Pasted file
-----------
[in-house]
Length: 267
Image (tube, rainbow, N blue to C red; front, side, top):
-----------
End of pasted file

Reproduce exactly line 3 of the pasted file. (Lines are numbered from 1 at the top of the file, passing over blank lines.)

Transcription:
Image (tube, rainbow, N blue to C red; front, side, top):